An executive got transferred from his employer’s Iowa office to Dakota Dunes, South Dakota. His wife balked at the move, so he rented an apartment in South Dakota and came home on weekends. Noting the difference between the income tax rates in South Dakota (0%) and Iowa (8.98%), he chose to file as a South Dakota resident. But he did it wrong. Ericka Eckley of the ISU Center of Agricultural Law and Taxation explains the rules:
Every Iowa resident must pay Iowa income taxes. A resident for income tax purposes can be identified in two ways. The first is through the establishment of a permanent home in the state, which involves spending about half the year living in the state. Alternatively, a domicile is another way to prove residence. Domicile is established through the intention of the individual to permanently or indefinitely reside in Iowa whenever absent from the state.
An individual can only be domiciled in one place at a time and once established, domicile is retained until the individual takes affirmative steps to establish a domicile in another state. In Iowa, there is a rebuttable presumption that the individual’s Iowa domicile has not changed if an individual retains the rights of citizenship in Iowa.
A change in domicile can be established through proof of a definite abandonment of the former domicile, actual removal of the individual’s physical presence to the new domicile, or a bona fide intention to change and remain in the new domicile indefinitely.
It may possible to have a domicile in a different state than your spouse — like former power couple Arnold Schwarzenegger and Maria Shriver. But it isn’t easy, and you can’t take shortcuts if you try. An Iowa appeals court yesterday said the taxpayer didn’t try hard enough. For example:
- He kept a joint Iowa bank account
- He kept his Iowa drivers license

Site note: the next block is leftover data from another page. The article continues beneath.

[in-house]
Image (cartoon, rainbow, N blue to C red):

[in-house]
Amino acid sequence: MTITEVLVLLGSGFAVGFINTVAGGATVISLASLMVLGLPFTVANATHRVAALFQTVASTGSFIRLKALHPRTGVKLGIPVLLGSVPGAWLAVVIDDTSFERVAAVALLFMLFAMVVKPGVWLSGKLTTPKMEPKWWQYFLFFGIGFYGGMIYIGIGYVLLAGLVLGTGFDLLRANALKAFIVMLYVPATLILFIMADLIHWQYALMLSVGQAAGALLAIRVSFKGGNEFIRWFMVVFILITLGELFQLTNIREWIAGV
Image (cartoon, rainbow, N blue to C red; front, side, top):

- He registered to vote in Iowa
- The family cars (five of them) were registered in Iowa.
- His personal car had Iowa vanity plates.
- He claimed a homestead property tax credit for his Iowa home; the credit application included the statement “I declare residency in Iowa for purposes of income taxation and no other application for homestead credit has been filed on other property.”
The court found factors like these, which indicate Iowa residency, outweighed those indicating South Dakota domicile, such as his South Dakota job, seeing a South Dakota doctor, and membership in a South Dakota church (though not spending weekends in South Dakota probably weakened that argument).
That was a bad result for the taxpayer; the appeals court upheld the Iowa assessment of $290,472.19 in taxes, penalties and interest.
The Moral? If you want to change your tax domicile from a high-tax state to a low-tax one, you need to mean it. You need to burn your bridges and change as much of your life as possible to the new state. And for heaven’s sake, don’t cheap out and claim an Iowa homestead exemption when you are filing tax returns saying you don’t live here.
Cite: Schmitz vs. Iowa Department of Revenue, Court of Appeals of Iowa No. 2-583. Additional coverage: Dar Danielson, Appeals Court says taxes are due as man lives in Iowa, not South Dakota (Radio Iowa).